After going through a couple of levels, it's possible to deduce that each wave will be slightly more challenging than the last, usually. So early on you can spend your time building up resources and taking risks, knowing that they may pay off in the future when the tougher wave comes through. All you have to do is react by doing the right thing at the right time, and if you don't, you will also know this, because the wave of enemies will go from manageable to impossible and overwhelming. You don't need to be proactive, all you need to do is react in the right way in the right time with the limited toolset you've been given in order to succeed.
Games are meaningful because they latch onto very peculiar ways that our brains like to divvy up and consider the world, the same that stories do. Games have meaning the same way that other, smaller habits have meaning. Like when I fiddle with my ring to relax myself during a meeting. While I'm turning the shape, it also gives me the feeling that I'm tapping back into the energy of my wedding, the love, the community, the people who have given their time to me. Many games use uncertainty as a source of novelty. Games like Breath of the Wild, Sekiro, or Fortnite are fun exactly because we don't know what's coming next and we're excited by that. But tower defense games like Kingdom Rush are more about managing uncertainty. By allowing us to process it they occasionally remind us that we are capable of managing the (semi)unknown. That we don't have to defeat our uncertainty, getting through it is enough.
There are two moments that stand out to me where my expectations of Kingdom Rush and what actually happened felt the most disconnected, where the minimal uncertainty began to feel threatening rather than novel: using the character hero, and losing a number of hearts during early waves.
Heroes in Kingdom Rush are characters who have special powers and can move freely throughout the board. But, unlike the other buildings, they can be attacked and die. In theory they should help you be more effective, because you can move them to the space on the map where you need the most help, but in practice I often ended up not using my hero effectively, or watching them die because I moved them to the wrong spot and I forgot to move them when their health got low.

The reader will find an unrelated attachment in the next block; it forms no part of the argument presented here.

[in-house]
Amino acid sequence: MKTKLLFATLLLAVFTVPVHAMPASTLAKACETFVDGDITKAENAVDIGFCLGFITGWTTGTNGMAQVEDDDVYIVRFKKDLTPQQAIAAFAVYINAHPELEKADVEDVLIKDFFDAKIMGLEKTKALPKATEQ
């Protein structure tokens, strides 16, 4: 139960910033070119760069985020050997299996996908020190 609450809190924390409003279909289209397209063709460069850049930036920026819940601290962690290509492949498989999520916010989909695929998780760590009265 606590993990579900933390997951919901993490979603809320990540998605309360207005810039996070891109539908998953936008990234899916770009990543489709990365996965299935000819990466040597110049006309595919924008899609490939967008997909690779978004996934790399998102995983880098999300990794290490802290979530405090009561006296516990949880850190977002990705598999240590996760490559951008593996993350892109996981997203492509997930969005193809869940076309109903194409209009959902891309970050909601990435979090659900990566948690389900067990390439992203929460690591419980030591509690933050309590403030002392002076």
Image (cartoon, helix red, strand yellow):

Gold in Kingdom Rush is directly connected to the enemies that you defeat. For each enemy you prevent from reaching your base, you make a small amount of gold. However, especially early on, this means that any enemy you fail to stop, can create a feedback loop, preventing you from purchasing the towers and upgrades you need to stay alive. In these situations, I found it useful to simply restart the game and try a new configuration for my starting towers.
Maybe don't go further right now. It can feel easy in a moment like this, where we're all at home to have pressure to do all of the things that you never had time to do. But re-reading is good too. It can take you deeper into a system and unlock different ways of seeing something you've taken for granted.
If you've completed Kingdom Rush, consider going back through and beating the levels using a new hero, or going through the challenges on a harder difficulty setting, or trying one of the extra challenges.
The opinions in this post are expressly the views of the author and do not reflect the views of their employer(s) or any entities that they might otherwise be affiliated.